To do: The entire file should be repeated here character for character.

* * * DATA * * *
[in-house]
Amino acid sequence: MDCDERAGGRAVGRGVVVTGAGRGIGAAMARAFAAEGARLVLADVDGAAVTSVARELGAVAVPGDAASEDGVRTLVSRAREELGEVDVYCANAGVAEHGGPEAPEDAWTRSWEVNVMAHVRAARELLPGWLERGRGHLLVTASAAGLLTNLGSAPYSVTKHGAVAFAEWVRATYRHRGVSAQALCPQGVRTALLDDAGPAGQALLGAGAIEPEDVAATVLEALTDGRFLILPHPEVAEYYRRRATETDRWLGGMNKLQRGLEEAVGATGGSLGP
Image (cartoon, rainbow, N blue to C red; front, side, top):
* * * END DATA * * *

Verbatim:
[in-house]
Amino acid sequence: MDCDERAGGRAVGRGVVVTGAGRGIGAAMARAFAAEGARLVLADVDGAAVTSVARELGAVAVPGDAASEDGVRTLVSRAREELGEVDVYCANAGVAEHGGPEAPEDAWTRSWEVNVMAHVRAARELLPGWLERGRGHLLVTASAAGLLTNLGSAPYSVTKHGAVAFAEWVRATYRHRGVSAQALCPQGVRTALLDDAGPAGQALLGAGAIEPEDVAATVLEALTDGRFLILPHPEVAEYYRRRATETDRWLGGMNKLQRGLEEAVGATGGSLGP
Image (cartoon, rainbow, N blue to C red; front, side, top):